RSF media watchdog chief leads protest on Belarus border

·2-min read
Reporters Without Borders (RSF) has asked Lithuanian prosecutor's to investigate Sunday's incident

The head of Paris-based Reporters Without Borders (RSF) protested on Thursday at the Belarusian border along with dozens of journalists after the arrest of anti-regime blogger Roman Protasevich.

RSF chief Christophe Deloire and the Belarusian and Lithuanian journalists placed portraits of their 21 colleagues imprisoned in Belarus on a fence along the EU border between Lithuania and Belarus.

Deloire called the government of Belarusian President Alexander Lukashenko, in power since 1994, "predators of the liberty of the press" and said the strongman was acting like a "terrorist".

Reporters Without Borders this week asked Lithuanian prosecutors to investigate Lukashenko's role in diverting the plane carrying Protasevich and his girlfriend Sofia Sapega on Sunday.

There has been no contact with either of them since their arrest except for two supposed "confession" videos released by Belarusian authorities.

"Lukashenko himself should be prosecuted, because what he has done, what he has clearly ordered and what he now justifies is plane hijacking with terrorist intentions and he is responsible," Deloire, holding a photo of Protasevich, told AFP.

He said the international community should pressure on the regime to secure journalist's release.

"We will not forget you, we will continue to fight for you," Deloire said.

- A 'disastrous situation' -

Standing at the border, Lithuanian journalist Sarunas Cerniauskas said this was "as close as we can get to the regime".

"But we really want to come closer when it comes to exposing the things that are going on in Belarus and all the abuses of human rights and the abuses of power," said Cerniauskas, head of an investigative journalism centre in Lithuania.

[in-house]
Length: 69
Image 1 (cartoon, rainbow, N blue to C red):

Indre Makaraityte, who works for the Lithuanian national broadcaster, said: "Any dictator and any tyrant is afraid of publicity".

Belarusian journalist Maksim Tsikhenia, a correspondent for Belarusian media outlet Charter 97, called the events in Belarus "terrible".

"By our presence, we want to declare the need to give freedom to independent journalists and independent journalism," he said.

RSF ranked Belarus 158th out of 180 in the world in its 2021 World Press Freedom Index.

On Monday, amid a growing international uproar over the grounding of the Ryanair flight, Lukashenko approved legislation that would ban reporters from providing real-time coverage of unauthorised mass protests.

Any Belarusian national -- not just a journalist -- is banned from covering an unauthorised rally or using crowdfunding to pay fines over the violation of legislation on mass gatherings, according to the legal amendments published by state media.

Speaking in Vilnius earlier on Thursday, Deloire said Belarusian journalists were facing a "disastrous situation".

"We came here because we want to send a signal that we support the journalists in Belarus," he said.

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